At their Autumn Conference, the Liberal Democrats debated their core values and principles in detail for only the second time since the party was formed in 1988.
Some saw the party as a largely a continuation of the Liberal tradition, which has been based primarily on a commitment to the rights of individuals. Others said that the influence of Social Democratic thinking, which has tended to emphasise the importance of greater equality as a central goal, was too often overlooked. But they may really be the political heirs of the socially reforming New Liberals who came to prominence in the early twentieth century. Such thinkers and politicians as J.M. Keynes, William Beveridge, Jo Grimond and E.F. Schumacher have undoubtedly been influential.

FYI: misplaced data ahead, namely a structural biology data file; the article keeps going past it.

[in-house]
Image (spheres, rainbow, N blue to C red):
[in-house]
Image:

The History Groups summer meeting tried to shed some light on who are the Liberal Democrats philosophical antecedents.